Sault Community Career Centre Has Success with a New Approach for Individuals on Social Assistance with Ontario Works.


Long-term recipients of social assistance are re-entering the workforce, and staying employed.

October 29th, 2018, Sault Ste. Marie – For over 25 years, the Sault Community Career Centre has helped individuals from diverse backgrounds and circumstances in the Algoma district find work in the local labour market. However, despite their successes, the Sault Community Career Centre realized that they consistently struggled to help “chronically unemployed” individuals, many of who were on long-term social assistance:

“We were helping people become educated, take training, and obtain employment [but] many were just not successful for any length of time,” said Karol Rains, Executive Director of the Sault Community Career Centre. “Within 3 to 6-months, they were back for further assistance. I realized that we were not addressing the real reason for their inability to stay employed.”

The Career Centre looked for answers, and in 2014, in cooperation with Ontario Works SSM, they launched the New Outlook on Working (N.O.W.) program.  The results confirm, after three years of running the program in Sault Ste. Marie, the N.O.W. program succeeded in getting Ontario Works clients who had all been receiving social assistance for a number of years, working again.

What is the N.O.W. Program?

The N.O.W.: Moving Towards Employment (N.O.W.) program is a group-based intervention that uses a different approach in dealing with individuals on social assistance.  Rather than offering encouragement or preparation for a ‘job search,’ the N.O.W. program targets an individual’s personal commitment to change.

By instilling the “insight” required by individuals to move their lives in new directions, program participants become willing, ready, and able to tackle the core issues in their lives preventing them from working.

The N.O.W. program is uniquely built around the idea that individuals cannot make meaningful changes in their lives until they first recognize the need to change from their own perspective.  Individuals must decide why and how work is important to them before they can make a personal commitment to change. That change begins in the N.O.W. program.

Another unique feature of the program is the way it is structured; it begins with 3 to 4-hour sessions and increases to full-day sessions, mirroring the work day. Individuals then participate in a series of job trials to establish the self-discipline and self-organization required to stay employed.  One-on-one reflection sessions with an employment consultant help clients solidify the changes they make to their thinking and behaviour in the workplace.

The Results

A recent external evaluation of the program conducted by PNA Change Consultants Inc. (2018) [1] showed that of the 143 individuals referred by Ontario Works to the program in Sault Ste. Marie between October 2014 and July 2017, 130 (90.9%) successfully completed the program. Of this group, 78 individuals (60%) gained employment. The majority (70%) of these 78 individuals who gained employment were employed within 90 days of completing their program – and 77% were still employed 330 days later!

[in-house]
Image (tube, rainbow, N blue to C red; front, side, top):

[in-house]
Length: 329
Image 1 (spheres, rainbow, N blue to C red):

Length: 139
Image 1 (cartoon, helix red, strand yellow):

On average, the participants were employed within 70 days of completing the program at a wage of $11.39 per hour; this was before the January 1, 2018 minimum wage increase. The 130 individuals who completed the program had an average age of 43.44 years and had been on social assistance (OW) for an average of 61.58 months or 5.1 years.

Aside from those who went to work, 4.6% of the participants returned to school, and 16.2% continued to work with employment consultants at the Sault Community Career Centre to find employment. Unfortunately, 14.6% remained unemployed due to chronic illness or injury, while 4.6% were no longer interested in job searching.

The most significant and important finding, however, is that participants who had been the most resistant and unwilling to work while on social assistance achieved success through the N.O.W. program. Individuals who had been on Ontario Works for up to 5 years were employed within 90 days of completing the program.

Also significant, these findings are not unique to Sault Ste. Marie.  The program has had similar results in Chatham-Kent, London, and St. Thomas-Elgin in Ontario. Across all three municipalities, the program was successful in getting 63% of the participants employed within 90 days. More importantly, it continued to do so with individuals who had been on Ontario Works for an average of 64.5 months (5.3 years).

The Sault Community Career Centre continues to deliver the N.O.W. program with the support of Ontario Works SSM, to help recipients of social assistance get back to work.  The next goal for the two organizations is to move individuals into the program earlier, rather than referring them to the program after they have spent several years on social assistance.

Knowing that, through the N.O.W. program, change is possible for even the toughest cases, we should be moving more people in this direction, since it gets us closer to the goal of an Ontario that works.
(1)This evaluation report by Fabiano & Bickle 2018 is a follow-up to the article that appeared in Municipal World, December 2016.


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